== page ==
Utah Governor Pushes Cleaning Up Air Pollution, Expanding Medicaid in Annual Speech
Gov. Gary Herbert called for steps to clear Utah’s air, using his State of the State address to push for quicker adoption of clean-burning gasoline, clamping down on the use of wood-burning stoves and retrofitting aging, dirty school buses.
"These actions, and others, will have real costs and real impacts on all of us, but I’m convinced the benefits to our economy, to our communities and, most importantly, to our public health, will justify the costs," Herbert said.
During his nearly 30-minute speech, Herbert also reiterated his plan to at least partially expand Medicaid to cover at least 60,000 Utahns without health insurance under Obamacare, to defend Utah’s ban on same-sex marriage, and appeared to respond to criticism earlier in the week from House Speaker Becky Lockhart that Herbert was failing to lead.
"Let us set aside any personal agenda and work to benefit the Utahns we serve," Herbert said, while not naming Lockhart.
It was the most direct call to action from the governor to date for dealing with Utah’s polluted air, which is among the unhealthiest in the nation.
Herbert said the state will accelerate its transition to so-called Tier 3 gasoline and lower-emission vehicles. The federal government is scheduled to begin phasing in the new standards for cleaner, low-sulfur gas in 2017. Utah likely would not get that fuel until 2019 at the earliest.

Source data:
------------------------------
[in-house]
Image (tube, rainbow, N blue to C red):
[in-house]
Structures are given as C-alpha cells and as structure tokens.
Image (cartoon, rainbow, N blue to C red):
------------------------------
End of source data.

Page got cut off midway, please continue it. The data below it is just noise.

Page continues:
Herbert said Utah would make the change "as soon as possible," reducing tailpipe emissions by as much as 80 percent. Essentially, the state would unilaterally adopt the clean-fuel standard earlier than federally required.
Herbert also cited research by the University of Utah which found that smoke from wood-burning stoves accounts for about 5 percent of particulates in the winter inversion. Burning one log for an hour emits the same amount of pollution as driving from Salt Lake City to St. George and back.
He called on the state’s Air Quality Board to limit wood burning in non-attainment areas during the entire inversion season but did not specify the steps the board would take.
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